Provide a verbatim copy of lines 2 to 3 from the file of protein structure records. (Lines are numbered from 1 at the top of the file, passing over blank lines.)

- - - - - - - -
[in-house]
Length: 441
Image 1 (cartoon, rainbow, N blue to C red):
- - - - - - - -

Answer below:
Length: 441
Image 1 (cartoon, rainbow, N blue to C red):